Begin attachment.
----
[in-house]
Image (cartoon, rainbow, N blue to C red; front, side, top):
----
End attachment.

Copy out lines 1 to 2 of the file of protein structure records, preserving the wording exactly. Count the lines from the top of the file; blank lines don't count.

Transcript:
[in-house]
Image (cartoon, rainbow, N blue to C red; front, side, top):